VLANs, Subnets and Confusion – How to Monitor Complex Networks
IT pros are finding that as networks grow in complexity, so does the maintenance and troubleshooting chores.
Adding to that diagnostic burden is the fact that networking technology is also evolving, with changes to the basic structure of the network and the ancillary support mechanisms as well. Take for example networking technologies such as SDN (software defined networks) or packet optimization technologies, both of which change how a technician interacts with the network. Those technologies (and many others) impact how traffic moves around the network and increases the challenges associated with network management.
That said, the best way to get a handle on complex networks is to use the appropriate tools and also - to know what to monitor, manage and control. Those considerations, along with some best practices, tips, tricks and knowledge should place an IT pro on the path to network management nirvana.
Perhaps, the best place to start is to figure out what exactly lives on the network and how it is attached. After all, many IT pros do come across devices, such as network printers, PCs and so on, which have mysterious origins – where the end user claims to not know who installed that device or how it even came to be in the building, yet they are using that device religiously to accomplish their daily chores. Simply put, getting a handle on the network inventory takes a bit more effort than updating a spreadsheet when the IT department makes a new purchase and installs a device.
That situation should lead IT pros to their first step in taming the networking beast – network inventory tools. To properly manage a network, IT professionals need to know what they have. There are a plethora of tools (some bundled with hardware, others available as freeware and some that are part of a suite) that perform an automated discovery of routers, switches, servers, security and other IP devices.
The information delivered by those tools can be used to map out the network’s IP environment, while creating an up-to-date inventory of all the elements that an IT pro needs to manage. Whether or not you run the tool manually or have it executed automatically is not as important as gathering the information in the first place. Once you have the initial information, you can decide on whether or not to automate the process.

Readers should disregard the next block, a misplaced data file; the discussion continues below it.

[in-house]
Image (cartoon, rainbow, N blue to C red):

IT works need to be aware that tools such as those can generate a lot of traffic and impact network performance, so when to run the tool may be an important choice based upon baseline results. However, in today's advanced IP networks, an automated tool is a more realistic option for most IT organizations.
Having an inventory is a great first step to achieving control over a boisterous network, yet it takes more than knowing what you own to gain control. Here is where proper configuration comes into play.
Perhaps more than any other technology area, network management technology needs to be configured to specifically address the needs of a particular environment. Most, if not all, network management tools do not work directly out of the box. Certain parameters must be set and thresholds defined, so that the devices you expect to manage are effectively monitored.
What’s more, the devices themselves may have to have configuration changes or patches or client software installed to enable the management product to work properly. Proper configuration of the tool and correct integration with network devices is critical for troubleshooting network problems – the network management tools themselves can gather information from device log files and via SNMP integration.
Simply put, network monitoring and management tools still require configuration to work in your environment. IT professionalsneed to take that very seriously, especially since misconfigured tools can create problems on the network, as well as mask what the actual problems are.
Frank J. OhlhorstFrank J. Ohlhorst is an award-winning technology journalist, professional speaker and IT business consultant with more than 25 years of experience in the technology market. He has written articles for a variety of technology and business publications, and he worked previously as executive technology editor at eWeek and director of the CRN Test Center.
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